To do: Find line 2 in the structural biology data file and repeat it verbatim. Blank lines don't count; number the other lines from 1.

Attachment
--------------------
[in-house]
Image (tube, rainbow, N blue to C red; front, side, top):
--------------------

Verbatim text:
Image (tube, rainbow, N blue to C red; front, side, top):